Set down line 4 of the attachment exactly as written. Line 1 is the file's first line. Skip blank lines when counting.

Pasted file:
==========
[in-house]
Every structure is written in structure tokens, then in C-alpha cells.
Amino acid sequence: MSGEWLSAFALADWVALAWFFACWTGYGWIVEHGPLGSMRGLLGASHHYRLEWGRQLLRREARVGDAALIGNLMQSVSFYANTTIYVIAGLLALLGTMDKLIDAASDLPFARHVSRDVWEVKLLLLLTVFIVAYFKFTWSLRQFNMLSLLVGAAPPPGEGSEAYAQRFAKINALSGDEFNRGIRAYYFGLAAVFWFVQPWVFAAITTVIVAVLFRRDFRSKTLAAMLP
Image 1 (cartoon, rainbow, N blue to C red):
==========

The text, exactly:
Image 1 (cartoon, rainbow, N blue to C red):